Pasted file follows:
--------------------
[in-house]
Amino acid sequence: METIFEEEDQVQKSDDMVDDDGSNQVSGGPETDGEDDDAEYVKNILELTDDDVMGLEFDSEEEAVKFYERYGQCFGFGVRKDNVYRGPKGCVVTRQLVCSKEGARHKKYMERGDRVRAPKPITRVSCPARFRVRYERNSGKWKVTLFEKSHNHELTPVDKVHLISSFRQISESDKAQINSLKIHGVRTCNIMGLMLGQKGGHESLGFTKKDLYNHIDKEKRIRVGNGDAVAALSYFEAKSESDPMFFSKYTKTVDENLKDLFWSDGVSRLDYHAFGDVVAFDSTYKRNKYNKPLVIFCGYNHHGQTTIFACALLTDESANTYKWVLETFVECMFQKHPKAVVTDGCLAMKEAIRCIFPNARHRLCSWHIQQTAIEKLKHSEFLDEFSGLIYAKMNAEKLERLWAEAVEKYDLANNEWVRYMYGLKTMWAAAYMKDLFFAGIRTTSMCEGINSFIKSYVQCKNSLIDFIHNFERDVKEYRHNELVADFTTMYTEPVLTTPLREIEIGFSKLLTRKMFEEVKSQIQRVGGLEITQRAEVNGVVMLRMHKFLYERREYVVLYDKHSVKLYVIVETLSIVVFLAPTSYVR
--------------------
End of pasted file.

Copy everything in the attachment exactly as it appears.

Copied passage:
[in-house]
Amino acid sequence: METIFEEEDQVQKSDDMVDDDGSNQVSGGPETDGEDDDAEYVKNILELTDDDVMGLEFDSEEEAVKFYERYGQCFGFGVRKDNVYRGPKGCVVTRQLVCSKEGARHKKYMERGDRVRAPKPITRVSCPARFRVRYERNSGKWKVTLFEKSHNHELTPVDKVHLISSFRQISESDKAQINSLKIHGVRTCNIMGLMLGQKGGHESLGFTKKDLYNHIDKEKRIRVGNGDAVAALSYFEAKSESDPMFFSKYTKTVDENLKDLFWSDGVSRLDYHAFGDVVAFDSTYKRNKYNKPLVIFCGYNHHGQTTIFACALLTDESANTYKWVLETFVECMFQKHPKAVVTDGCLAMKEAIRCIFPNARHRLCSWHIQQTAIEKLKHSEFLDEFSGLIYAKMNAEKLERLWAEAVEKYDLANNEWVRYMYGLKTMWAAAYMKDLFFAGIRTTSMCEGINSFIKSYVQCKNSLIDFIHNFERDVKEYRHNELVADFTTMYTEPVLTTPLREIEIGFSKLLTRKMFEEVKSQIQRVGGLEITQRAEVNGVVMLRMHKFLYERREYVVLYDKHSVKLYVIVETLSIVVFLAPTSYVR